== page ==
Alien invasion has been one of the most persistent fantasies in US speculative culture since the emergence of science fiction in the late nineteenth century. A technologically superior, extraterrestrial “race” arrives on Earth and defeats most or all of world’s nations. Sometimes the United States alone is able to defeat the aliens; sometimes the planet is saved only by a miracle. Ranging from American revisions of H.G. Wells’s The War of the Worlds to Ted Chiang’s “Arrival,” this talk asks: why has US popular culture dreamed so often and so vividly of America’s destruction by an alien power? Why, in other words, is US speculative culture always waiting for the Martians? Is alien invasion a symptom of dystopian pessimism, utopian hope, or something else?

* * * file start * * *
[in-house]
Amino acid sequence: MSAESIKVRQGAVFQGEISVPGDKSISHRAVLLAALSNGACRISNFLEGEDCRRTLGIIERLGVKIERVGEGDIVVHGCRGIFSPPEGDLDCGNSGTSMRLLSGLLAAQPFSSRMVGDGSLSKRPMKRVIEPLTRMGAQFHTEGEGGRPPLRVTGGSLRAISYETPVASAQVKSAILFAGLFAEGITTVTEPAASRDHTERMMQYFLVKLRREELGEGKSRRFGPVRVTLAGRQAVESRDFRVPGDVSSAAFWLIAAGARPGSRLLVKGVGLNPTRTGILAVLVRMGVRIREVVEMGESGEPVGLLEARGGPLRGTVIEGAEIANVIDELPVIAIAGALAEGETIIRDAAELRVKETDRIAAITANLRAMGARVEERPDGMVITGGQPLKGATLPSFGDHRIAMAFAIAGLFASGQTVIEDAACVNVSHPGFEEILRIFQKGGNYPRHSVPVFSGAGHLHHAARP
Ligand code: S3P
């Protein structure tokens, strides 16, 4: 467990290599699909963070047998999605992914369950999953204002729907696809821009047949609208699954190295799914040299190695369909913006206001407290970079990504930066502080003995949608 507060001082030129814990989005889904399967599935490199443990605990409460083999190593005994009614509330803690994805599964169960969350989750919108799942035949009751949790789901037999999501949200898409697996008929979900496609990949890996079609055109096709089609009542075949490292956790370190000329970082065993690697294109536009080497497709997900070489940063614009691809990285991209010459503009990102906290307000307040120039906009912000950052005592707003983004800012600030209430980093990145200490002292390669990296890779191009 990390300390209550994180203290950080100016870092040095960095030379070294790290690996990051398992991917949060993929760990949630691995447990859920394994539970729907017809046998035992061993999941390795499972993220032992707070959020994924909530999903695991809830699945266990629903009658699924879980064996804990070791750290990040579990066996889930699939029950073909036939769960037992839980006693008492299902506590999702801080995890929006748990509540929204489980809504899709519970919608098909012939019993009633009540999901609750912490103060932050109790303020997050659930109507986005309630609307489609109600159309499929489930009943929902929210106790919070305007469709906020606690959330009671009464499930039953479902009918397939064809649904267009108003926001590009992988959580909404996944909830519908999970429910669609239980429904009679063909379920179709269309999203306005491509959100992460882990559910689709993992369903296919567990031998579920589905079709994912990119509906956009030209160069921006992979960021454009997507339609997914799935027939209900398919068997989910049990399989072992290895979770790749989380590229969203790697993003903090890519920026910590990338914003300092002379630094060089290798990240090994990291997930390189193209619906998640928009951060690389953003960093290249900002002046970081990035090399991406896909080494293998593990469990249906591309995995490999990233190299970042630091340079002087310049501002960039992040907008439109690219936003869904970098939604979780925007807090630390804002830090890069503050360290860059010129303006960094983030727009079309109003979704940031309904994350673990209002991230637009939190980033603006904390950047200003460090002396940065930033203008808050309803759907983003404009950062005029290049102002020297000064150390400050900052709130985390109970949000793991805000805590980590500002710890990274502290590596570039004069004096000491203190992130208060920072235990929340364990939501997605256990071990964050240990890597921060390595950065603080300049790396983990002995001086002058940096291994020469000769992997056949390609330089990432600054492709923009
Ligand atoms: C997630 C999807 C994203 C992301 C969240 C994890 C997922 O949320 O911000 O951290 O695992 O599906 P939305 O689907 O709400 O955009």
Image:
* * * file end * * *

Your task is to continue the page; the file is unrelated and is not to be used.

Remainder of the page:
About the presenter:
Jesse Ramírez teaches and writes about speculative cultures. He holds a PhD in American Studies from Yale University and is currently Assistant Professor (Assistenzprofessor) of American Studies and co-director of the Technologies concentration in the School of Humanities and Social Sciences at the University of St Gallen, Switzerland. His monograph Un-American Dreams: Apocalyptic Science Fiction and Bad Hope in the American Century is under review for Liverpool University Press’s series Science Fiction Texts and Studies, and his monograph Ruse of the Robots: Against Automation Mythologies is under review with Routledge. Jesse grew up near the Sal Si Puedes neighborhood in East San José, California, where César Chávez began his organizing for the United Farm Workers. He is the first person in his family to graduate from college.
Date and place:
January 15, 2020